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Our awesome two-part TV segment on the “Traveling West Virginia” series by Brad Rice

If you haven’t seen our sweet TV debut yet, it’s now on YouTube. This originally aired a few weeks back on Eyewitness News in WCHS and WVAH on Charleston and Huntington, West Virginia during their weekly “Traveling West Virginia” segment by photojournalist Brad Rice. Part 1 is about “Scavengeology” as a new field of science, …

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What does it really mean when you start finding little white dead baby dolls buried underground?

When I first pulled this creepy white dead baby figurine from the backyard trash pit of a 19th century log cabin, it was pretty creepy – especially for my 9 year old daughter, who was assisting me at the time. Even the dog seemed to think I was a goner at that point. Here’s the …

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The first “Thanksgiving” in America was in Virginia – and it’s in December

Most of us who are interested in Virginia history know that Virginia’s Jamestown settlement preceded the Pilgrims landing at Plymouth Rock, but do we also know that the Jamestown settlers celebrated their own “Thanksgiving” in 1619 – before the Pilgrims arrived? Today would not be Thanksgiving if Virginia history got its due. Americans would be …

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Relic Revolvers found in Montana, the Ohio River, and at the site of a Civil War battle

Here is a set of three different revolvers, in relic condition, which have been scavenged from the ground in some pretty interesting places. This first one is a Colt Single Action Army, which was dug in Montana, about 13 miles from the site of the Battle of Little Bighorn, where Custer and his army were …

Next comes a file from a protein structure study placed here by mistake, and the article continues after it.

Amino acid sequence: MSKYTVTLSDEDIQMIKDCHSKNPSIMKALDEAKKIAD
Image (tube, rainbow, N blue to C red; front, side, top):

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General McCausland’s house in West Virginia: an interesting story about war, the Emperor of Mexico, and even Egypt

You may have noticed this house on the side of Route 35 in Mason County, West Virginia, if you’ve ever driven the treacherous route from the West Virginia Turnpike through to Route 35 into Ohio. This is the home built by Confederate General John McCausland. There’s no good way to stop to get a photo …

Read moreGeneral McCausland’s house in West Virginia: an interesting story about war, the Emperor of Mexico, and even Egypt

Felix Renick’s Drawings, his interesting family, and his life as a scavengeologist on the Ohio Frontier

When I first came across this map, I immediately recognized the name, “Renick,” though I didn’t recall seeing it associated with the name Felix. In the Greenbrier Valley, there is still a “town” named Renick (though it’s mostly just an unincorporated neighborhood at this point, or even you could call it a “ghost town”), and …

Read moreFelix Renick’s Drawings, his interesting family, and his life as a scavengeologist on the Ohio Frontier

Grandma’s Story About Being Captured by Indians in 1779

One of the most important historical narratives from 18th century Indian captives, came from a woman buried in the cemetery overlooking Union, West Virginia. There are no historical markers to identify her grave, but the story is an amazing one . . . . In the early 1840’s, a little-old-lady living in Lewisburg, (West) Virginia, …

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Last Will and Testament of John Byrnside (1763-1816) 2nd white child born in Monroe County (West) Va.

I recently found the 1816 Last Will and Testament of John Byrnside, who lived at Willowbrook from 1770 through his death in 1816. He was the owner of the plantation itself, beginning in 1788, when it was deeded to him by his father, James Byrnside. John then took over running the plantation, as well as …

Read moreLast Will and Testament of John Byrnside (1763-1816) 2nd white child born in Monroe County (West) Va.

A Year From Home: a young boy’s Civil War story from the Greenbrier Valley – Part 2 of 2

. . . [There] he was arrested, as stated, telling the Captain in command who he was and what he was there for, he got the messenger to Aunt . . . . [f you missed Part 1 of this story, read it here first, before reading this one… He went from Illinois back to …

Read moreA Year From Home: a young boy’s Civil War story from the Greenbrier Valley – Part 2 of 2